Hollywood game-changers participate in event at San Francisco Chronicle
“Give Me Liberty” isn’t the easiest film to describe in one sentence. But its producer, Alice Austen, and lead actress, Lolo Spencer, knew it was exactly the kind of film that needed to be told — even when studios and financiers wouldn’t support them.
“We were told that we were unmarketable, undistributable, unreleasable,” Austen said at TheWrap’s Power Women San Francisco event last week, quoting detractors who said “Give Me Liberty” would never make it to Sundance or Cannes.
The film follows a disability transport driver in Milwaukee who, accompanied by a group of octogenarian Russian immigrants, must pick up a young woman in a wheelchair on the other side of town amidst protests in the city. “Give Me Liberty” eventually went on to premiere at Sundance and was unanimously chosen to participate in Cannes.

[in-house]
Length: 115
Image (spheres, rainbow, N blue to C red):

But even as the film received interest at the festivals, Austen said that many of the U.S. distributors she spoke with — most of them men — frequently told her, “We don’t know how to market this film.”
“For me, there was a clear code,” Austen said. “If we had plunked Jennifer Lawrence in a wheelchair and had her pretend to be disabled, we would’ve had an $11 million dollar deal out of Sundance, and we didn’t do that.”
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